A separate tax change issue that occasionally comes up during negotiations is a provision that increases the amount of cash distributed to tax equity if there is a change in tax law that slows future depreciation. This is not a common provision and is the result of a proposal by former Senator Max Baucus, who stepped down as chairman of the Senate tax-writing committee to take up the post of US ambassador to China in February 2014, to move to “pooled” depreciation. Under pooled depreciation, all equipment would be put into one of four asset pools. Each year, a company would deduct a fixed percentage times the aggregate unrecovered cost of assets in the pool. Any new capital spending on equipment during the year would be added to the pool. The change would have affected existing assets.
The Baucus bill would have slowed depreciation. Senator Ron Wyden (D-Oregon), who replaced Baucus as the senior Democrat on the tax-writing committee, introduced his own pooled depreciation bill in 2016 that would have accelerated depreciation of renewable energy projects. (For earlier coverage, see “US Tax Changes Start to Take Shape” in the December 2013 NewsWire and “Wyden Proposes Depreciation Revamp” in the June 2016 NewsWire.)
The US government will move to assessing partnerships directly for any back taxes the partners are found to owe after a partnership audit starting in the 2018 tax year. The Internal Revenue Service is tired of chasing partners for these taxes.
Holdco lenders are interested in how the IRS implements the new system. In particular, partnerships can elect one of three or four alternative procedures under the new rules. If the tax equity partnership is responsible for paying taxes that the tax equity investor should have paid directly, it would reduce the amount of cash available for distribution to the sponsor partner and potentially leave too little cash to service the back-levered debt.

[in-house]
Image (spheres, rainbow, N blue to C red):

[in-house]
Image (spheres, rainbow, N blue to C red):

Many lenders require the partnership “push out” any tax liability to the partners directly by making an election under section 6226 of the US tax code. The election causes audit adjustments to be the responsibility of persons who were partners in the tax equity partnership during the tax year under audit.
Most Holdco loans have a tenor of around seven years, but tenors can range from five to 10 years.
Some holdco loans fully amortize. Others have a bullet payment due on the maturity date, which would typically require a refinancing. In all cases, these variables are determined by the financial model.
The pricing of holdco loans is mostly in the range of LIBOR plus 2% to 3% currently. The variations in pricing are typically based on the perception of risk, which includes variables such as sponsor experience, counterparty default risk and the result of negotiations with tax equity. Some start as low as LIBOR plus 1.75%, but this requires an exceptionally strong financial profile. In addition, the margin typically increases between 12.5 and 25 basis points every three or four years to encourage repayment as quickly as possible.